When I hear of a student that has already left one dojo because he didn't think he was learning enough to remain, that then goes on to another dojo and is ready to do the same based upon how he thinks he is standing up against others, etc., who's only training two hours a week, and all the rest, I tend to feel that this student is in need of the right kind of patience, the right kind of endurance, the right kind of humility, and the right kind of faith -- so that he can have a different experience of self, so that they can have a different experience of Time. If one gets the most efficient pedagogy going, so that this person can learn and learn at a rate that he is most satisfied with, but that does not address this sense of self, I would think this person is not getting all that he could or should be getting out of training. This person would be much better off cultivating patience, humility, endurance, and faith, and still not being able to tenkan, than if he was able to only tenkan. With patience, humility, endurance, and faith, sooner or later he will be able to tenkan, and more importantly, he will be able to do so much more (in and outside of the art). Without these things, though he can tenkan, when it comes to irimi, or when it comes to the forward breakfall, or when it comes to spontaneous training, etc., this student will again feel "pressured" to quit as he would again be confronting his own demons unarmed. This is why I suggested that it would probably be best to keep working with or addressing his learning issues as directly as possible but also work on developing within him a new experience of self and of what learning is and/or is not.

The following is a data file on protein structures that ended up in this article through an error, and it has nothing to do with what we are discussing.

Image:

In our dojo, we have a one woman who took over a year to learn how to do a standing forward roll. Her patience, humility, endurance, and faith, which she worked to cultivate all throughout that first year, served her well and continue to serve her well. Today, she is an inspiration to the entire dojo. As is expected, her waza is now very powerful, and these virtues are definitely the source of that power. She continues to face the trials of improvement via these virtues so her Aikido continues to become more sophisticated. Outside of the dojo, she is a single mother of two who nearly dropped out of high school when she was younger but now is going on to get her college education, about to transfer into the University of California with nearly a 4.0 gpa. When life gets hard, as you can imagine it will with being a full-time student and a single parent at the same time, you can bet she faces everything with the same patience, endurance, humility, and faith.

david

David Humm
01-31-2005, 06:37 PM
Hi guys,